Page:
Pseudo-addiction also involves opioid-seeking behavior but the motivation is to get optimal pain relief. Due to involvement of drug-seeking behavior and/or overtaking the medication, it is very difficult to distinguish it from opioid addiction. Due to subjective nature of pain reporting, it is challenging to address let alone diagnose this condition.

Physical dependence:

Opioids have an extraordinary ability to develop tolerance. Pain medication dosage has to be increased over time to maintain pain relief. Patients should be aware of this and try to use other treatment modalities to reduce their reliance on pain medications for longer periods of time. Once a patient has become physically dependent, stopping the use of the medication will lead to withdrawal symptoms (i.e. muscle aches, restlessness, anxiety, inability to sleep, excessive sweating, abdominal cramping, diarrhea, nausea, vomiting, and elevated blood pressure). The key difference between tolerance and addiction is the fact that tolerance will develop over a period of time at any physician prescribed dosage.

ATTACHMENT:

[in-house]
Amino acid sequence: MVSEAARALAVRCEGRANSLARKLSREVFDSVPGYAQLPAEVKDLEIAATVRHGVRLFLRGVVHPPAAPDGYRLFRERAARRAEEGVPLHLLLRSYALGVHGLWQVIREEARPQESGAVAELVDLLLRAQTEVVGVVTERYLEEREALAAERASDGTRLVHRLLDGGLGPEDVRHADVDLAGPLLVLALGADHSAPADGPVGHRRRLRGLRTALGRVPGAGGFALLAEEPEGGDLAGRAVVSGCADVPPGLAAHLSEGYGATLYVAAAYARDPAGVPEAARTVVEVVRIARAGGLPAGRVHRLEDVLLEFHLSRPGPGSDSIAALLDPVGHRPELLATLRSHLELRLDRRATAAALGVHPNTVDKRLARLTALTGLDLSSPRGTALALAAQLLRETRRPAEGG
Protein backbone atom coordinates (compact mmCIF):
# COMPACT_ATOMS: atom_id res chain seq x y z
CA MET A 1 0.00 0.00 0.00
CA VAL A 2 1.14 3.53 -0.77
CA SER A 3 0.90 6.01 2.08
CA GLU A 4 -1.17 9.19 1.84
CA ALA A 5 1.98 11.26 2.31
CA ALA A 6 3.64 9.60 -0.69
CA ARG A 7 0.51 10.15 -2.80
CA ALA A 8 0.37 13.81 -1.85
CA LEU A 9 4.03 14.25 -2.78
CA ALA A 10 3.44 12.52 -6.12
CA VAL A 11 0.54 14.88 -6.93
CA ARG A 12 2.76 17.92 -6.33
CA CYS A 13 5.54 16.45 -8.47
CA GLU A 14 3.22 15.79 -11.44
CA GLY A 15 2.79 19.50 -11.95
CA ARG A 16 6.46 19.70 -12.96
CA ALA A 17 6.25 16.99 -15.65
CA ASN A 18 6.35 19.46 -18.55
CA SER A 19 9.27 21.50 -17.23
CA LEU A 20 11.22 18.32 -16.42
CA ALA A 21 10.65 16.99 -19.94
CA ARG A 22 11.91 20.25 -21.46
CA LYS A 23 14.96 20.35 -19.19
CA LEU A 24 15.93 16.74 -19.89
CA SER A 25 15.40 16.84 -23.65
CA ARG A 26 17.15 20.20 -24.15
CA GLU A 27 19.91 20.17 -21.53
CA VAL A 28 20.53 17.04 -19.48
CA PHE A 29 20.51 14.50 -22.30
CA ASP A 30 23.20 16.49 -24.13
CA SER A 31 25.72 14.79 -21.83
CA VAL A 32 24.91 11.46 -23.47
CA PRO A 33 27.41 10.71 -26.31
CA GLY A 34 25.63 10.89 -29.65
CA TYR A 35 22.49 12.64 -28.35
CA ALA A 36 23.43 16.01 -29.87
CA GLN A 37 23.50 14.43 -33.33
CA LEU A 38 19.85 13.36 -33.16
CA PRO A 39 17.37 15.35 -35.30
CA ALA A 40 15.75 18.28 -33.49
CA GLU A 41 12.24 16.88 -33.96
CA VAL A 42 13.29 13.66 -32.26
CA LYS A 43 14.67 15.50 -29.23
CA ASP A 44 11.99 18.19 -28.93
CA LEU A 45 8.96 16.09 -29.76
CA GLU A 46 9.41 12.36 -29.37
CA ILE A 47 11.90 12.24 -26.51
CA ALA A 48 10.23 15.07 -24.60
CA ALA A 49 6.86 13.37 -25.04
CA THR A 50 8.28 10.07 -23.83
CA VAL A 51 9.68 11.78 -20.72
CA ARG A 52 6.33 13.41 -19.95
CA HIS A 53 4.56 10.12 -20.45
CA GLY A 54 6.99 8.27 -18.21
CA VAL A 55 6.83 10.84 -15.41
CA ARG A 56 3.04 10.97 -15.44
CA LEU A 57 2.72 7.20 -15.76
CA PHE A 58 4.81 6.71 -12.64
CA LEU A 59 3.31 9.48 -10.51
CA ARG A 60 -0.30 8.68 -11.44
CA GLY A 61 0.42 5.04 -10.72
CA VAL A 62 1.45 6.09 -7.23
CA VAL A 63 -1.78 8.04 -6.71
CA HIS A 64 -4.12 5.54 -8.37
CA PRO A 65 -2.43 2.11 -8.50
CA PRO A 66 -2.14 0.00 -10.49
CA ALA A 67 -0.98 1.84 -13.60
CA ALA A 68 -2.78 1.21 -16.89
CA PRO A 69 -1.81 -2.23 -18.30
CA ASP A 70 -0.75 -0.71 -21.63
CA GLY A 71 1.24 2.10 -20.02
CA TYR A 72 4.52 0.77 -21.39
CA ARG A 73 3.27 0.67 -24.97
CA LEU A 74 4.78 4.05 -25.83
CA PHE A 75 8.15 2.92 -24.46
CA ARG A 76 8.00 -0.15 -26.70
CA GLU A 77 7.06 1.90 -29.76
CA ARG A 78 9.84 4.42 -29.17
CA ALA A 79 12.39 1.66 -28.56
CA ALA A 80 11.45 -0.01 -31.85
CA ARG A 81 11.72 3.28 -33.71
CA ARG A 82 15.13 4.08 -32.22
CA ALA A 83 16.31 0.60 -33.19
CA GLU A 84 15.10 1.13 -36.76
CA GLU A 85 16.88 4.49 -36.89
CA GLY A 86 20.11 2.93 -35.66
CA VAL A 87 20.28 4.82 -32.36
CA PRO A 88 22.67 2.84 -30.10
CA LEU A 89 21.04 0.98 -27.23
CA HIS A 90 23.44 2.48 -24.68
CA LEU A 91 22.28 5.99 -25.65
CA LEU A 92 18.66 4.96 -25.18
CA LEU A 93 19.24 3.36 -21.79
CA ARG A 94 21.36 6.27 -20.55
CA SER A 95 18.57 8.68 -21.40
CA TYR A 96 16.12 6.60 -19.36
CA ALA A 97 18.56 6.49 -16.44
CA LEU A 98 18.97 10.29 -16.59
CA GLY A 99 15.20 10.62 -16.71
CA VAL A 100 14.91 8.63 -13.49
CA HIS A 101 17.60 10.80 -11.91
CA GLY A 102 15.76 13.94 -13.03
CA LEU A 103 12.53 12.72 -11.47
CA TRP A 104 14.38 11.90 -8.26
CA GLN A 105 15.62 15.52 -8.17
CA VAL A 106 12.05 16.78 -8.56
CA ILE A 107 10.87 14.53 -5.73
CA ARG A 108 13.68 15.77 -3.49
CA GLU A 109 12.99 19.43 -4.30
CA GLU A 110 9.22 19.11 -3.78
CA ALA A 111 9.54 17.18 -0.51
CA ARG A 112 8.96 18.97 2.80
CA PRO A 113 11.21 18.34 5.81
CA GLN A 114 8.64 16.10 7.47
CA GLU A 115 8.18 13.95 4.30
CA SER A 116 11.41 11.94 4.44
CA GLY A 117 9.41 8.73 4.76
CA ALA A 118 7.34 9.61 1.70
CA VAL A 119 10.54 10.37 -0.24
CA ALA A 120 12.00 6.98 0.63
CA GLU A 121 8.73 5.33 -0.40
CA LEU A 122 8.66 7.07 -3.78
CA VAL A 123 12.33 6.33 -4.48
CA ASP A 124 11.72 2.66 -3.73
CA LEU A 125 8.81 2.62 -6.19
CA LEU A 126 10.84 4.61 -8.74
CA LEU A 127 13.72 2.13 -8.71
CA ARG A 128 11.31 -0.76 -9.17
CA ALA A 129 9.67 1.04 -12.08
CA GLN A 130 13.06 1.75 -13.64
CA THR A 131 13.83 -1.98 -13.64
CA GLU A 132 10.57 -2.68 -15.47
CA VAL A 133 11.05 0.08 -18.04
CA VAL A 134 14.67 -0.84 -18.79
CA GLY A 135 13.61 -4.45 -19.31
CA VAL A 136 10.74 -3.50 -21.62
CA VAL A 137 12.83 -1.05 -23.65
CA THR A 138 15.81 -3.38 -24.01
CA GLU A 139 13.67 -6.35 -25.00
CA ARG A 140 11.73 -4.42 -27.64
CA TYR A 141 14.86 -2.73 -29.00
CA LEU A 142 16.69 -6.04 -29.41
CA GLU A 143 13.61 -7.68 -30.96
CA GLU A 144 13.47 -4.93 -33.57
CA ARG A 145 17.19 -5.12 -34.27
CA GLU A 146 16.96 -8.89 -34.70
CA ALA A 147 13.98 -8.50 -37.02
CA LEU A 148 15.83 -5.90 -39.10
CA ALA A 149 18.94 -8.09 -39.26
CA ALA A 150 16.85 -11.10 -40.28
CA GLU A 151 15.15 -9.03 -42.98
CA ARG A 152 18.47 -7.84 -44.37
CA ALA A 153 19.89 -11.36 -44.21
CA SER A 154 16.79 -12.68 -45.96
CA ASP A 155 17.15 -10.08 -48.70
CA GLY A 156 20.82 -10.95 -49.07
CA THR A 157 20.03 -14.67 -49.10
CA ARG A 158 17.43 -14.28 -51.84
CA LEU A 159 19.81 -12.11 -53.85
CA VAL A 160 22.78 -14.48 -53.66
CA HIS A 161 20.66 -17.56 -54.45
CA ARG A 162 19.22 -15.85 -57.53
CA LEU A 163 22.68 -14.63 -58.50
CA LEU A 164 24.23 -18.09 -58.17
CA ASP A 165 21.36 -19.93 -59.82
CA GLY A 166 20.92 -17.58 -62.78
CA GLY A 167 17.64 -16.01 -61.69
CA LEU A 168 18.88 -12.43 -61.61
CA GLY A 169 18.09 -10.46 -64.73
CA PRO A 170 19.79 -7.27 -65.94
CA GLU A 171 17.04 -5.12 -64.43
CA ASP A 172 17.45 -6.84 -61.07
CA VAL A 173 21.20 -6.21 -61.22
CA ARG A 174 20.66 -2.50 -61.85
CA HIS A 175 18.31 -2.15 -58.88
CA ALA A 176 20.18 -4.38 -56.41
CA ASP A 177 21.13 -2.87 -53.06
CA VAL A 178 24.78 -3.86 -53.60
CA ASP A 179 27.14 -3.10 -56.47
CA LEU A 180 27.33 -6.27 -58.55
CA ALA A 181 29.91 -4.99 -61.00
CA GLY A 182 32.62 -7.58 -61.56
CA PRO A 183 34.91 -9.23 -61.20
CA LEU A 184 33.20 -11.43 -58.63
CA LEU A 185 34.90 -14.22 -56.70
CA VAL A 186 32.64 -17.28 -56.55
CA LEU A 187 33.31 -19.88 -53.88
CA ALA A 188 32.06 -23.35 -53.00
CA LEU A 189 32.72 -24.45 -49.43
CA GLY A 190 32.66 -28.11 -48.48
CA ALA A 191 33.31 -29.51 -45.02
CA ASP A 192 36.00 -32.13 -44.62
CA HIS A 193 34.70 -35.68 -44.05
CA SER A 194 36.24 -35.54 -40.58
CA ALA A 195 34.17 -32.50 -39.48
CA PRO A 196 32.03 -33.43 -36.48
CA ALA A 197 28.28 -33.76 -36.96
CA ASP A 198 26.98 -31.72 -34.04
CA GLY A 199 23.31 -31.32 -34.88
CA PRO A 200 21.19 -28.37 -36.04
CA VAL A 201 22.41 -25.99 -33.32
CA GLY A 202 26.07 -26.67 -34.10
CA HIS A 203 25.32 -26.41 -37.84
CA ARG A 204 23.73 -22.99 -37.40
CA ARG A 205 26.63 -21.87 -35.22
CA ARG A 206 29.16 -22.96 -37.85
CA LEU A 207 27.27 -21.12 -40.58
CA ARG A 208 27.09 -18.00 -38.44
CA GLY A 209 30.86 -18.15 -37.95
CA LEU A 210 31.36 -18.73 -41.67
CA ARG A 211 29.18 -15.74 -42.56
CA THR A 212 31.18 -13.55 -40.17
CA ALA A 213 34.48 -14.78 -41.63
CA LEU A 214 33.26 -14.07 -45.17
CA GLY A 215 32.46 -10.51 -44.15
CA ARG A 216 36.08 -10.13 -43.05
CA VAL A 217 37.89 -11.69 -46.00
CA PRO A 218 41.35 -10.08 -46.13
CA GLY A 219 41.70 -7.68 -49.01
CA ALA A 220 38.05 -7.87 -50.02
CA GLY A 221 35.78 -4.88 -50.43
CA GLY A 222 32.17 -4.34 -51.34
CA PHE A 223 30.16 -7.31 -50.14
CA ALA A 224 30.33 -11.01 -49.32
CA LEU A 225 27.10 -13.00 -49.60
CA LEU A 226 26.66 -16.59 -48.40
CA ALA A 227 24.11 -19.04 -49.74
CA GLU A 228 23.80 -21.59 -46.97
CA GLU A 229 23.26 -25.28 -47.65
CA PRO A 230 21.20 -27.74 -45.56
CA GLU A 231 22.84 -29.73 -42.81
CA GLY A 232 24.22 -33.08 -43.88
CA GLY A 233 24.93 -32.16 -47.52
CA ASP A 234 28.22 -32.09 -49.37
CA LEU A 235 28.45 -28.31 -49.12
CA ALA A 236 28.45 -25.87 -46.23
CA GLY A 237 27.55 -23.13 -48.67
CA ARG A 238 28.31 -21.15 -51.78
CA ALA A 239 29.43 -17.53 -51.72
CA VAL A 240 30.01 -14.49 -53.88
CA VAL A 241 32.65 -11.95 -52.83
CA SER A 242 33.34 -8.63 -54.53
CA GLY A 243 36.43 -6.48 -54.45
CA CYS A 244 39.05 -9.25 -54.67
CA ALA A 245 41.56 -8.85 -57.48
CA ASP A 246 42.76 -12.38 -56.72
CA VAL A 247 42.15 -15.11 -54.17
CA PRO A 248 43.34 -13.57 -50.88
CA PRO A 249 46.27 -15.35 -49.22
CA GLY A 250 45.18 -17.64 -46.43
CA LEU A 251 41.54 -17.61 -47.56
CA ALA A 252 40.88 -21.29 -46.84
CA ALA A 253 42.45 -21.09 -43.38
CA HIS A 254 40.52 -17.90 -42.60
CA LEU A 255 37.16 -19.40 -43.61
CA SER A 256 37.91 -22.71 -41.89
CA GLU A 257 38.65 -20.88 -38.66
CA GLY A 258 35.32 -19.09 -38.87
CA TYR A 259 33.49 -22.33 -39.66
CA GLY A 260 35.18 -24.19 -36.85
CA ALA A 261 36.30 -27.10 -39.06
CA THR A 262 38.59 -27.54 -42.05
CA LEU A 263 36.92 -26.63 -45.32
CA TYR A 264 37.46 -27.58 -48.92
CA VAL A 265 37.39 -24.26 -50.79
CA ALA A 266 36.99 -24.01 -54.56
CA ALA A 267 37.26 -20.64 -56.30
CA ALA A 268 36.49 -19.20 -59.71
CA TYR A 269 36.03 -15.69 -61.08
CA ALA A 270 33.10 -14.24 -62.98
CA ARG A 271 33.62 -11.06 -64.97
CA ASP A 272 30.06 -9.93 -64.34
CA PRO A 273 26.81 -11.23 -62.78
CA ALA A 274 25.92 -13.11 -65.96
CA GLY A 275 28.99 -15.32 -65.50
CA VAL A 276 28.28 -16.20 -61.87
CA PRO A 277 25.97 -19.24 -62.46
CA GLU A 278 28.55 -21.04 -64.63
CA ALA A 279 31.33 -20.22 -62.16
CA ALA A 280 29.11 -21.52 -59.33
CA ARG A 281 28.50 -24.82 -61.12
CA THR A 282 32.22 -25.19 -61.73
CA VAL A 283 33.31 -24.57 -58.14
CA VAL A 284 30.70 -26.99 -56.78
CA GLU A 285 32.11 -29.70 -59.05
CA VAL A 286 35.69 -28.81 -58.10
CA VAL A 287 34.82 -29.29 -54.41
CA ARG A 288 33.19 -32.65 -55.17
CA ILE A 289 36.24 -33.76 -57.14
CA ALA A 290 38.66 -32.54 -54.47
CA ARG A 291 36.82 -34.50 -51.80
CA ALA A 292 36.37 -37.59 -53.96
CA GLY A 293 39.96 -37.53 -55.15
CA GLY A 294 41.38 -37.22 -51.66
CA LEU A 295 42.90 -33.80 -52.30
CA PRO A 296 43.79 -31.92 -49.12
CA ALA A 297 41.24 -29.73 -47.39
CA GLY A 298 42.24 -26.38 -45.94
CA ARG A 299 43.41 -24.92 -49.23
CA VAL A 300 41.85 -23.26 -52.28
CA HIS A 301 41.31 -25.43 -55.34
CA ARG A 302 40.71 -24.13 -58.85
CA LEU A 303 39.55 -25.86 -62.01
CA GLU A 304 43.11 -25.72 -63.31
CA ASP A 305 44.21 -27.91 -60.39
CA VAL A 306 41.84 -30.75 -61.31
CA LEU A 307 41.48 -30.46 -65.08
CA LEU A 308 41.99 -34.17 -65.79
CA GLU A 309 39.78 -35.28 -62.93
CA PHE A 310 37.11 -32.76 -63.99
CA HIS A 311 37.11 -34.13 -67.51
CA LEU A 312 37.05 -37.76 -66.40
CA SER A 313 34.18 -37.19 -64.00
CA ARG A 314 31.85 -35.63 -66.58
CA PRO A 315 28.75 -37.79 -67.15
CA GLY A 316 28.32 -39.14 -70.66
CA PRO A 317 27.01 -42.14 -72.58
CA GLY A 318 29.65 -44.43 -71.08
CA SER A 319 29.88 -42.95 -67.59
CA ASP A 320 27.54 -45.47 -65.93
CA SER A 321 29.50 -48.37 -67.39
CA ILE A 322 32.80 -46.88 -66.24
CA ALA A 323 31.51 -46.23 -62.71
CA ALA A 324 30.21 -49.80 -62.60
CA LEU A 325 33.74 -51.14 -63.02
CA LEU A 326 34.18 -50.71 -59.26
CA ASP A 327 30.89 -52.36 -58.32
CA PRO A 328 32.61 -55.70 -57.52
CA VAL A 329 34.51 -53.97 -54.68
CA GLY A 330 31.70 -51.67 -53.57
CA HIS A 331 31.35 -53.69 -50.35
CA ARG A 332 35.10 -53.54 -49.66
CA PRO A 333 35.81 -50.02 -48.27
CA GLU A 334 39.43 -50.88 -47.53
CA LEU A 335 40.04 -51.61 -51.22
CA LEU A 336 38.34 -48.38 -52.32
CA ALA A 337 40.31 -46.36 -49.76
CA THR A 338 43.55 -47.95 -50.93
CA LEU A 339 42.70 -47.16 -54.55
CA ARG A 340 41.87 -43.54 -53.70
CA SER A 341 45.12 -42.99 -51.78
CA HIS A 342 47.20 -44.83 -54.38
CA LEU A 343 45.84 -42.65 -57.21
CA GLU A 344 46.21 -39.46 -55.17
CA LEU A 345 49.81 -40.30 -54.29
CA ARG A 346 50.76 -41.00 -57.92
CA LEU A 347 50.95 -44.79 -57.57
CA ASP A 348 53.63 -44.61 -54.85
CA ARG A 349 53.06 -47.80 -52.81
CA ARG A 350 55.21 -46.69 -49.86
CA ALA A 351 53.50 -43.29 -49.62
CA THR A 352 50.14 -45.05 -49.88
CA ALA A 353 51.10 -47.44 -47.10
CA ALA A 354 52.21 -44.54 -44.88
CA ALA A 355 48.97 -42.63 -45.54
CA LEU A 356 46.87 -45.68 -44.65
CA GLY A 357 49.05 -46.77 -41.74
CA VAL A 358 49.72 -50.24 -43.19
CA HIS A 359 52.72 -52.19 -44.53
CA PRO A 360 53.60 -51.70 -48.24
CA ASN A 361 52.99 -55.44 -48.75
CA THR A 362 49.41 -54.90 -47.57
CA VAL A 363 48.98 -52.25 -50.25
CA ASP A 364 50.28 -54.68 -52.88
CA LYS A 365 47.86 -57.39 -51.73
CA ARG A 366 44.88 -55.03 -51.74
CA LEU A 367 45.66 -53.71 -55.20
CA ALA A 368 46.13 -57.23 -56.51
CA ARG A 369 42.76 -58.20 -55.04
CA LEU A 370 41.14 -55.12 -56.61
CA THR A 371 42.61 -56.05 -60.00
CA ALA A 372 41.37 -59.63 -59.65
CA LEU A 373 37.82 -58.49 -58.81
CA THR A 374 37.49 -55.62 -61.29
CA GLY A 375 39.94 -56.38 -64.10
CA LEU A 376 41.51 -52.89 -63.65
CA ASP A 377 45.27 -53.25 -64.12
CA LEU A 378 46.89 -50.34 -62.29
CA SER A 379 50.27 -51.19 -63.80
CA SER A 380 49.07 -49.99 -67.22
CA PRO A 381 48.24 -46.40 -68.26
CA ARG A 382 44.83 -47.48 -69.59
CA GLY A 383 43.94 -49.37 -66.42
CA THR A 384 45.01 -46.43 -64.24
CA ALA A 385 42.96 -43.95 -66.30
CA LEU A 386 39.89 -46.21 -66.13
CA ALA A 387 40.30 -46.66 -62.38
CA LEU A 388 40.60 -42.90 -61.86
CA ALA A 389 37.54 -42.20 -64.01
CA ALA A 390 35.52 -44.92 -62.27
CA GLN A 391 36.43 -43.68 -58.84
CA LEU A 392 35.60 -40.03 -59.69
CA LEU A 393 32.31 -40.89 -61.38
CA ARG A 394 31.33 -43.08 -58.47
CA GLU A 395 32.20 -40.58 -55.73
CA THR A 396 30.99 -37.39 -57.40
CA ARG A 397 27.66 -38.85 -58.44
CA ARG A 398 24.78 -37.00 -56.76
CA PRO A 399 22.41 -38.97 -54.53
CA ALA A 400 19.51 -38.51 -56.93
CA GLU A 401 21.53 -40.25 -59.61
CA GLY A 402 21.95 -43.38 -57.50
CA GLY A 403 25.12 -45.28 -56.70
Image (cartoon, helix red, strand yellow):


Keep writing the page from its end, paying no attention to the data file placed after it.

The majority of my patients who take pain medication are physically dependent on them, not addicted. Patients should not feel victimized if they are taking a reasonable prescription, adhering to the label, and finding improvement in their lives. The recent media attention to opioid prescriptions as a whole has been understandably negative, but there is a role for them so long as they are prescribed and taken properly. Patients should not feel that the doctor suggesting them as an option for pain management is not trustworthy so long as the prescription is minimal and they understand the signs of addiction. They also should not feel shamed or stereotyped by the public.